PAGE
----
Erik Graff's Reviews > Reformation to Industrial Revolution

Reformation to Industrial Revolution by Christopher Hill
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May 28, 13

bookshelves: history
Recommended to Erik by: Walter Wallace
Recommended for: English history fans
Read in June, 2012, read count: 1

I believe I first heard about Christopher Hill, the British economic historian, from older friends in high school. That in the back of my mind, when I saw this volume at the Elgin, Illinois Public Library, I snapped it up.

The book is excellently arranged, excellently written, but somewhat difficult for a colonial like myself. Written for the educated British public, it assumes knowledge common, presumably, to the college graduate of that country, but not necessarily known to the graduate of an American school. I don't think in pounds and pence, don't measure in metres, know little of common law traditions. Still, this was my failing, not Hill's.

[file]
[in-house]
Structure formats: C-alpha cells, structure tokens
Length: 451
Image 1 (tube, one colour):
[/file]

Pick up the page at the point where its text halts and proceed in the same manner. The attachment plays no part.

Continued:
This is primarily an economic history, but intellectual history is not ignored. Indeed, Hill is a post-Frankfurt Marxist, the world of economics being treated as in a dialectical relationship with the world of ideas.

The story told is that of competing elites, the landed aristocracy of the sixteenth century being suplanted by the commercial of the seventeenth and the industrial of the later eighteenth--all, sadly, at the expense of the lower classes. Seeing the exploitation so vividly portrayed herein helps, by reflection, illuminate similar mechanisms at work today.
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